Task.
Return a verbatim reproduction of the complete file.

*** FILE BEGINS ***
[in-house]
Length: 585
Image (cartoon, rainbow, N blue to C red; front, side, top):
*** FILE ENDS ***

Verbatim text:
[in-house]
Length: 585
Image (cartoon, rainbow, N blue to C red; front, side, top):